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Streaming: Movies, Media and Instant Access — New Video Trailer

Wednesday, February 27th, 2013

Click here to see the trailer for my new book, Streaming: Movies, Media and Instant Access.

Film stocks are vanishing, but the image remains, albeit in a new, sleeker format. Today, viewers can instantly stream movies on demand on televisions, computers, and smartphones. Long gone are the days when films could only be seen in theaters: Videos are now accessible at the click of a virtual button, and there are no reels, tapes, or discs to store. Any product that is worth keeping may be collected in the virtual cloud and accessed at will through services like Netflix, Hulu, and Amazon Instant.

The movies have changed, and we are changing with them. The ways we communicate, receive information, travel, and socialize have all been revolutionized. In Streaming: Movies, Media, and Instant Access, Winston Wheeler Dixon reveals the positive and negative consequences of the transition to digital formatting and distribution, exploring the ways in which digital cinema has altered contemporary filmmaking and our culture. Many industry professionals and audience members feel that the new format fundamentally alters the art while others laud the liberation of the moving image from the “imperfect” medium of film, asserting that it is both inevitable and desirable. Dixon argues that the change is neither good nor bad; it’s simply a fact.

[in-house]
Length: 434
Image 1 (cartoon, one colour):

Hollywood has embraced digital production and distribution because it is easier, faster, and cheaper, but the displacement of older technology will not come without controversy. This groundbreaking book illuminates the challenges of preserving digital media and explores what stands to be lost, from the rich hues present in film stocks to the classic movies that are not profitable enough to offer as streaming video. Dixon also investigates the financial challenges of the new distribution model, the incorporation of new content such as webisodes, and the issue of ownership in an age when companies have the power to pull purchased items from consumer devices at their own discretion.

Streaming touches upon every aspect of the shift to digital production and distribution. It not only explains how the new technology is affecting movies, music, books, and games, but also how instant access is permanently changing the habits of viewers and influencing our culture.